summary: Researchers used stem cell images to enable machine learning to accurately predict subtypes of Parkinson’s disease. This breakthrough shows a computer model that classifies his four subtypes of Parkinson’s disease, reaching his highest accuracy of 95%. This could revolutionize personalized medicine and aid in more targeted drug research for Parkinson’s disease.
- This study used machine learning to classify stem cell images into four different Parkinson’s disease subtypes.
- The most predictive features of subtyping were intracellular mitochondria and lysosomes.
- This technology may enable customized treatment of Parkinson’s disease based on specific subtypes.
sauce: Francis Crick Institute
Researchers from the Francis Crick Institute and the UCL Queen Square Neurological Institute, in collaboration with technology company Faculty AI, show that machine learning can accurately predict Parkinson’s disease subtypes using images of patient-derived stem cells Ta.
their work was published today nature machine intelligence, showed that a computer model could accurately classify four subtypes of Parkinson’s disease, one of which reached 95% accuracy. This could pave the way for personalized medicine and targeted drug discovery.
Parkinson’s disease is a neurodegenerative disease that affects movement and cognition. Symptoms and disease progression vary from person to person due to differences in the underlying mechanisms that cause the disease.
Until now, there has been no way to accurately distinguish between subtypes. This meant that people received non-specific diagnoses and did not always have access to targeted treatment, support and care.
Parkinson’s disease is associated with critical protein misfolding and dysfunctional clearance of defective mitochondria, the energy generators within the cell. Although the majority of Parkinson’s cases begin sporadically, some may be associated with genetic mutations.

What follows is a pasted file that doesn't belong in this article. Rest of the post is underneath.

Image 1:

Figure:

Researchers generated stem cells from the patient’s own cells and chemically engineered four different subtypes of Parkinson’s disease. Two involve pathways that lead to toxic accumulation of a protein called alpha-synuclein, and two involve pathways that lead to dysfunctional mitochondria, creating ‘human’. A model of brain disease in a dish.
We then imaged the disease model in detail microscopically and labeled key cellular components, such as lysosomes, involved in the degradation of worn out parts of the cell. The researchers “trained” a computer program to recognize each subtype, and were able to predict the subtype when presented with images it had never seen before.
Mitochondria and lysosomes are the most important features in predicting the correct subtype, and the involvement of mitochondria and lysosomes in the pathogenesis of Parkinson’s disease has been confirmed. It turns out that the sides are also important. Please don’t explain yet.
James Evans, PhD student at Crick and UCL and co-first author with Karishma Dasa and Gurvil Virdi, said: Manually select some features of interest.
“By using AI in this study, we were able to assess more cellular features and assess the importance of these features in discriminating disease subtypes. This allowed us to extract far more information from the images than conventional image analysis, and we are now extending this approach to explore the implications of these cellular mechanisms for other subtypes of Parkinson’s disease. We want to understand how we contribute.”
Sonia Gandhi, Assistant Research Director and Group Leader, Crick University Neurodegenerative Biology Laboratory, said: However, since we do not know what mechanism is occurring while we are alive, we cannot provide accurate treatment.